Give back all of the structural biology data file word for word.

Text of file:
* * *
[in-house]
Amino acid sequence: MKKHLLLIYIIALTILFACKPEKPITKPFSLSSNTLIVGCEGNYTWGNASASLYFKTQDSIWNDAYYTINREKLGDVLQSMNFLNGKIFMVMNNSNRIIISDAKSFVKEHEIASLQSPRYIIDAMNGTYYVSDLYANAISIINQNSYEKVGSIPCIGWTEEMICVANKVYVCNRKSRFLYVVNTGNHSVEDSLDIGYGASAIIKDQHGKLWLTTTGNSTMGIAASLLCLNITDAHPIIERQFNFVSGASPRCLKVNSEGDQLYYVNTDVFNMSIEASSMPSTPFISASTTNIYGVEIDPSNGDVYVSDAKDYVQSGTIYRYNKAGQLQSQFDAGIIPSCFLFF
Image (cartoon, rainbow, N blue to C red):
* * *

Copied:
[in-house]
Amino acid sequence: MKKHLLLIYIIALTILFACKPEKPITKPFSLSSNTLIVGCEGNYTWGNASASLYFKTQDSIWNDAYYTINREKLGDVLQSMNFLNGKIFMVMNNSNRIIISDAKSFVKEHEIASLQSPRYIIDAMNGTYYVSDLYANAISIINQNSYEKVGSIPCIGWTEEMICVANKVYVCNRKSRFLYVVNTGNHSVEDSLDIGYGASAIIKDQHGKLWLTTTGNSTMGIAASLLCLNITDAHPIIERQFNFVSGASPRCLKVNSEGDQLYYVNTDVFNMSIEASSMPSTPFISASTTNIYGVEIDPSNGDVYVSDAKDYVQSGTIYRYNKAGQLQSQFDAGIIPSCFLFF
Image (cartoon, rainbow, N blue to C red):